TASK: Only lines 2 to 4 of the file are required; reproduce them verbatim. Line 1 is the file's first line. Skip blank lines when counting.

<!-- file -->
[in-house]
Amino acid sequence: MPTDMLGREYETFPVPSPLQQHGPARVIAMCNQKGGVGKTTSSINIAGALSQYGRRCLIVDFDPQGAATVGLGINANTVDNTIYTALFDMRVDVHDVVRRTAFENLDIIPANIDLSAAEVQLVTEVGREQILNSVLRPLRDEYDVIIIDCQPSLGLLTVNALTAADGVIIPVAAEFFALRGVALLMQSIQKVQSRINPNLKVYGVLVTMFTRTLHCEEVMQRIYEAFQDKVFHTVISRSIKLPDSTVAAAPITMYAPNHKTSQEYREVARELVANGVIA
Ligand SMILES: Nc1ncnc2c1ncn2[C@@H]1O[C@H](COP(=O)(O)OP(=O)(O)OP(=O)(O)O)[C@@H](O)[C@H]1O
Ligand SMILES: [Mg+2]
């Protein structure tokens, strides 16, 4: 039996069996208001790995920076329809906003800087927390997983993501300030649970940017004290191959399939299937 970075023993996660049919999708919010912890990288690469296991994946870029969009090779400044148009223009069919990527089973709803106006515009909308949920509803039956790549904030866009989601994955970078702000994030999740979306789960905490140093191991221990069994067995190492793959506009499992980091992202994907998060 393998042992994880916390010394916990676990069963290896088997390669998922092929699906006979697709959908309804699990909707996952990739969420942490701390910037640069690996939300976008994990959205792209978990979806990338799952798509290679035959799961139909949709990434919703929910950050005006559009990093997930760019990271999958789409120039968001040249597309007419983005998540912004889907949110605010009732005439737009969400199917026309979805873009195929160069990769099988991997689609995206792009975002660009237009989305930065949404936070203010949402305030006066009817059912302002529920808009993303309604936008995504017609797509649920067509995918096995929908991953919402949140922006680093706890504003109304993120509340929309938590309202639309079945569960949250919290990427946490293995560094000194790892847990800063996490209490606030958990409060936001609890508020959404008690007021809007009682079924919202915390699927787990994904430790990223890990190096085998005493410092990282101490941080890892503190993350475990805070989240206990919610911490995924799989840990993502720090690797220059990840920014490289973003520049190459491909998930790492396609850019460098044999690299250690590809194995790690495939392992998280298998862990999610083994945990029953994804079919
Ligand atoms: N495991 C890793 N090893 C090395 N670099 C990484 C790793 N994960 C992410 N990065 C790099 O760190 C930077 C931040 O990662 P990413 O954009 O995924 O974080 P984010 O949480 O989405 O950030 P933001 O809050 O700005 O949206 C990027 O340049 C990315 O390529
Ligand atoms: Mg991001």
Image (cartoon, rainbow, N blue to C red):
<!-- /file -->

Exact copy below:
Amino acid sequence: MPTDMLGREYETFPVPSPLQQHGPARVIAMCNQKGGVGKTTSSINIAGALSQYGRRCLIVDFDPQGAATVGLGINANTVDNTIYTALFDMRVDVHDVVRRTAFENLDIIPANIDLSAAEVQLVTEVGREQILNSVLRPLRDEYDVIIIDCQPSLGLLTVNALTAADGVIIPVAAEFFALRGVALLMQSIQKVQSRINPNLKVYGVLVTMFTRTLHCEEVMQRIYEAFQDKVFHTVISRSIKLPDSTVAAAPITMYAPNHKTSQEYREVARELVANGVIA
Ligand SMILES: Nc1ncnc2c1ncn2[C@@H]1O[C@H](COP(=O)(O)OP(=O)(O)OP(=O)(O)O)[C@@H](O)[C@H]1O
Ligand SMILES: [Mg+2]